As the city crawls out of the pandemic, patients prefer in-person consultations due to added comfort level and trust.
Public and private hospitals see a fall in daily telemedicine and online consultations since the lockdown eased in the city.
Rashi Taneja, Chief Medical Officer (CMO), at a wellness centre, under Central Government Health Scheme (CGHS), Koramangala said, “During lockdown we had a greater number of telemedicine patients, like around 250 a day in the Out Patient Department (OPD) but right now there are only 50 patients a day through telemedicine, and those are mostly chronic patients coming for routine checkups.”
Another Medical Officer Ms. Anju, at the CGHS wellness center, Banashankari, said that last week they had no new consultations at all except the usual chronic patients.
However, a press release from the Ministry of Health and Family Welfare (MoHFW) showed that 24, 15, 774 telemedicine consultations were held in Karnataka’s as of September 2021.
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Harish, policy research associate, Office of Ministry of Health and Family Welfare and Medical Education said that people were opting out of telemedicine services because doctors were accessible and available for personal consultations. Patients would prefer in-person checkups due to the comfort levels and trust.
Sarvesh Bijargi, Operations Head, OVUM Hospital said, “During the first lockdown we had the highest number of online consultations. Even during the second one, patients preferred online consultations. But since the lockdown eased, there have been zero online consultations.” OVUM Hospital’s data shows 410 online consultations till date for 2021, while it was 640 in 2020.
Some other private hospitals have also seen an 80 percent drop in online consultations from what it was during the lockdown. Dr. Lahari V, Assistant Business Head at cloudnine, HRBR said that they are still promoting at least one hour of video consultations for all patients but only 10 to12 patients turn up for these consultations.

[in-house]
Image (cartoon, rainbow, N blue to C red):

Harish also added that telemedicine has many challenges such as legal issues related to data protection of the patients and poor infrastructure. Most services are app-based or at least require broadband connectivity, which might not be accessible. Till then telemedicine can’t be fully implemented, he said.
“During the peak of Covid-19, with the help of social media, use of telemedicine services shot up, and government hospitals such as AIIMS dedicated a separate line for telemedicine. But now people are again moving towards non telemedicine services,”said Dr. Avinash Gupta, a telemedicine expert.
Sonika Rawat, said that she had switched to online medical services during the pandemic but has now restarted visiting her doctor since she feels more comfortable with offline mode of treatment.
A study by Practo analyzed telemedicine trends in 2019 and 2020, and found that the rise in telemedicine services was due to Covid-19 and social distancing.
However, all departments cannot use telemedicine. Neurology consultation can’t be fully taken up in telemedicine because of the examination procedure which involves physical checkups of the limb movements. An intern at NIMHANS explained, “as much as people would like to believe in the potential of online consultations, the true reality is that medical field is such that human can’t be replaced.”
Telemedicine means “healing at a distance” which encompasses telecommunication and information technology for the delivery of healthcare treatments.
The World Health Organization (WHO) defines it as “the delivery of health care services, where distance is a critical factor, by all health care professionals using information and communication technologies for the exchange of valid information for diagnosis, treatment and prevention of disease and injuries, research and evaluation, and for the continuing education of health care providers, all in the interests of advancing the health of individuals and their communities.”
Video consultation is consultation held over video/online. The National Health Service (NHS) describes online consultations where people are required to fill in an online form or speak to someone online about a health issue.